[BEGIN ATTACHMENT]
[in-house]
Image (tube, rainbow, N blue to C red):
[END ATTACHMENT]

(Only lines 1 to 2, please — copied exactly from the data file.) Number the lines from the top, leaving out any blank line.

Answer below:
[in-house]
Image (tube, rainbow, N blue to C red):